Archbishop Aquila ‘grateful’ for CDF reaffirmation of Church teaching on marriage

Archdiocese of Denver

On March 15, the Vatican’s Congregation for the Doctrine of the Faith issued a clarification approved by Pope Francis in which they reaffirmed the Church’s longstanding teaching that same-sex unions cannot be blessed. Today, Archbishop Samuel J. Aquila expressed his support for the Holy Father’s declaration in a statement issued to the faithful of the Archdiocese of Denver.

Read the full statement from Archbishop Aquila below:  

“Recently the Holy Father issued a clarification through the Congregation for the Doctrine of the Faith (CDF) that the Church cannot bless same-sex unions. I am grateful for this statement as it reaffirms the Church’s longstanding pastoral support for persons with same-sex attraction but in a way that does not condone a lifestyle that objectively separates them from God’s plan for the human person. Recognizing the complementarity of male and female for each other, the Church has taught for centuries that marriage, the covenant between a man and a woman, has three goods. These goods are: 1) the unbreakable bond to one’s spouse that ends only in death; 2) exclusive fidelity to one’s spouse for life; and 3) the blessing of children that comes from the marital embrace in which man and woman become one in the sign of their children. Furthermore, the Church affirms the virtue of chastity for all people, in accordance with their state in life.  

As the Holy Father has said repeatedly, the Church must always receive every person with love and compassion, including those with same-sex attraction. The Church, however, must receive every person with the truthful love that leads them to reconciliation with our merciful Father. To bless a same-sex union is contrary to the love that challenges us to separate ourselves from sin. Faithful to her Master, the Church blesses sinners, but does not and cannot bless sin. While this truth might be difficult for some well-intentioned people to accept, we would do well to listen to Pope Francis who has affirmed the truth of the teaching given by God.  I encourage you to read the full explanation from the CDF and to take some time to prayerfully seek to understand why Christ has called us to uphold and defend the truth of marriage, which goes back to the beginning of creation. Let us pray that the Holy Spirit continues to pour out his grace on the Church, keeping her in the truth during these challenging times.” 

COMING UP: From rare books to online resources, archdiocesan library has long history of service to students

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National Library Week, observed this year from April 4 to April 10, is the perfect occasion to highlight the essential role of libraries and library staff in strengthening our communities – and our very own Cardinal Stafford Library at the Archdiocese of Denver is no exception.  

Since 1932, the library has served as a religious, intellectual, and cultural resource for seminarians and students at St. John Vianney Seminary in Denver.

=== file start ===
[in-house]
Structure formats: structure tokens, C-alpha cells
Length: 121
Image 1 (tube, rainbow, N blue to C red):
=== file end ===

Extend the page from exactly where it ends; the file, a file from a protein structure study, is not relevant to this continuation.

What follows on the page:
As the library of the seminary, we are always responsible for the four dimensions of the priestly formation of our seminarians. The library is charged with being responsible to all the divisions of the Seminary: the Lay Division (Catholic Biblical School and Catholic Catechetical School), the Permanent Deacon Formation Division, and the Priestly Formation Division, said Stephen Sweeney, Library Director. 

In addition to being one of the main resources to the seminary, the Cardinal Stafford Library serves the needs of other educational programs in the Archdiocese of Denver, including the St. Francis School for Deacons, the Biblical School, the Catechetical School and the Augustine Institute. While the library is currently closed to the public due to the COVID-19 pandemic, it was previously open to anyone, giving people access to more than 150,000 books, audios, and videos. 

The Cardinal Stafford Library was named after Cardinal J. Francis Stafford, Apostolic Penitentiary at the Vatican and former Archbishop of Denver from 1986 to 1996. He was a dedicated advocate of the library and of Catholic education.

In 1932, the library was established by two seminarians, Maurice Helmann and Barry Wogan. While they were not the first seminarians to conceive the idea of establishing a library, they are considered the founders for undertaking its organization.  

Since its founding, the library has grown and compiled a fine collection of resources on Catholic theology, Church history, biblical studies, liturgy, canon law, religious art, philosophy, and literature. Special collections include over 500 rare books dating back to the early 16th century and many periodicals dating back to the 1800s. The oldest publication in the library is a book on excommunication published in 1510. The Cardinal Stafford Library is also home to various relics and holds bills personally written by some of those saints.  

Over the past few years, the library has undergone a process of beautification through various renovations that include improvements in lighting, flooring, and even furniture restoration. During these difficult times, libraries are doing their best to adapt to our changing world by expanding their digital resources to reach those who don’t have access to them from home. 

The Cardinal Stafford Library provides a community space; we subscribe to about 200 print journals and have access to literally thousands more through online resources available on campus computers, Sweeney added. “I have been the Library Director for almost 11 years. I absolutely love my work, especially participating in the intellectual formation of the faithful from all of the dioceses we serve”.  

For more information on the Cardinal Stafford Library, visit: 

Featured photo by Andrew Wright